Most managers recognize that good service is a direct result of having effective, productive people in customer contact positions. You need winners at the front lines, not just warm bodies. But most service companies perpetuate a cycle of failure by tolerating high turnover and expecting employee dissatisfaction. Schlesinger and Heskett explore the reasons that so many managers have trouble breaking this cycle. They spotlight a number of companies that are developing winning customer service teams, including one that pays twice the industry average to its front-line employees while its sales and profits have soared. Instead of submitting to the cycle of failure, they argue, managers should take advantage of ways to break it, and get their organizations onto the cycle of success.
1. Entry level service jobs often have annual turnover rates of 100 percent to 300 percent. See:
R.H. Woods and J.F. Macaulay, “Rx for Turnover: Retention Programs that Work,” Cornell HRA Quarterly, May 1989, pp. 78–90.
2. Current Population Survey (Washington, D.C.: U.S. Government Bureau of Labor Statistics, 1986).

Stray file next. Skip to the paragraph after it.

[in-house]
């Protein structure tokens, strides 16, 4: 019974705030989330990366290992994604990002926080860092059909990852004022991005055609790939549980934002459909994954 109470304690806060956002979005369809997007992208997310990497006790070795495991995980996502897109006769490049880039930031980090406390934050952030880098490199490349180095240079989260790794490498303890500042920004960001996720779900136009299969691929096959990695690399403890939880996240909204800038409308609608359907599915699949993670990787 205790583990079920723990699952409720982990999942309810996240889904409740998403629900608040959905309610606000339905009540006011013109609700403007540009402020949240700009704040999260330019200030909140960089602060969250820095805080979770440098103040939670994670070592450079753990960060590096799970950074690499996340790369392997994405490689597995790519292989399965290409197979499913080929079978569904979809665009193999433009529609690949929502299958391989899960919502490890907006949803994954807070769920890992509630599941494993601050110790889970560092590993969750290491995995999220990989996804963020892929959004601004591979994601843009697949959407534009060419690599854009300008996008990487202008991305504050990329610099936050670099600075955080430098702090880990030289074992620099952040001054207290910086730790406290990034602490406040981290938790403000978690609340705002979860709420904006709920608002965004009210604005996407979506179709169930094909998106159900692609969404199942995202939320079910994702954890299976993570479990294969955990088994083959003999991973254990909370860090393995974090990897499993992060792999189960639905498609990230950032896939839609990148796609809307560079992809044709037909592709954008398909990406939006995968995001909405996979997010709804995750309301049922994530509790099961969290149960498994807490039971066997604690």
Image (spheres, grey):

3. L.C. Thurow, Toward a High-Wage, High-Productivity Service Sector (Washington, D.C.: Economic Policy Institute, 1990).
4. B. Schneider and D.E. Bowen, “New Services Design, Development, and Implementation and the Employee,” in New Services, eds. W.R. George and C. Marshall (Chicago: American Marketing Association, 1985), pp. 82–101.
5. E.E. Lawler III, Motivation in Work Organizations (Monterey, California: Brooks/Cole, 1973), pp. 153–165.
6. J.J. Parkington and B. Schneider, “Some Correlates of Experienced Job Stress: A Boundary Role Study,” Academy of Management Journal 22 (1979): 270–281;
W.G. Bennis, “Beyond Bureaucracy,” in American Bureaucracy, ed. W.G. Bennis (Chicago: Aldine, 1970), pp. 3–17; and
P.M. Blau, On the Nature of Organizations (New York: John Wiley & Sons, 1974), pp. 80–84.
7. See, for example, E.M. Johnson and D.T. Seymour, “The Impact of Cross Selling on the Service Encounter in Retail Banking,” in The Service Encounter, eds. J.A. Czepiel et al. (Lexington, Massachusetts: DC. Heath, 1985), pp. 225–239.
8. L. Waldstein, Service Sector Wages, Productivity, and Job Creation in the United States and Other Countries (Washington, D.C.: Economic Policy Institute, 1989), pp. 24–25.
9. S.S. Roach, “America’s Technology Dilemma: A Profile of the Information Economy? Morgan Stanley Special Economic Study, 22 April 1987.
10. Wall Street Journal, 9 August 1989, p. B1.
11. L.A. Schlesinger and J. Zornitsky, “Job Satisfaction, Service Capability, and Customer Satisfaction: An Examination of Their Linkages and Management Implications,” Human Resource Planning, forthcoming, Spring 1991.
12. Hay Associates, personal correspondence, 1989.